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It's All About the Light — Using Photoshop's Luminosity Mask
Article by Jeanette Smith

We thought we would share some of our Photoshop and image processing tips on the blog, so for this entry, I'm going to show you how to create a "Luminosity Mask" in Photoshop CS4.

First, you should know what luminance is; it's the amount of light passing through a particular area of an image. Measured in a range from zero to 255 in an 8-bit image, it is expressed as red, green and blue channels of light.

Adjusting the luminance, by taking a selection from the image itself, is great because it creates a natural gradation, based on the intrinsic brightness of the image.

Why? Because every pixel is affected in exact proportion to its native brightness. This technique works nicely, for example, when the sky is overexposed or the foreground underexposed.

Load the luminosity as a selection in Photoshop CS4 in one of two ways:

  • Option+Command+2, or
  • Command+Click the RGB thumbnail in the Channels palette.

You may also inverse the selection, Select > Inverse, or type on your keyboard, Command+Shift+I, to apply an adjustment to the opposite areas of the image. Then travel to the Layers Palette and apply a Levels or Curves Adjustment Layer to the layer that needs correcting.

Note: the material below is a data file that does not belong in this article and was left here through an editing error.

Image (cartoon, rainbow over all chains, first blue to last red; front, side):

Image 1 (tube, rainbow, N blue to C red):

You can use this technique for color adjustments, too.

  1. Load the luminosity as a selection;
  2. Copy the selection to a new layer in the Layers Palette, Layer > New Layer via Copy, or type on your keyboard Command+J;
  3. Then apply a Blend Mode, like Overlay or Multiply, to the new layer and adjust the opacity if necessary.
Don't forget to name your layers and keep things organized.

Give this a try and make your images really POP!

To learn more creative techniques in Photoshop CS4, enroll in one of our digital darkroom classes or outdoor workshops at Aperture Academy, or come in for some private tutoring. Hope to see you soon!

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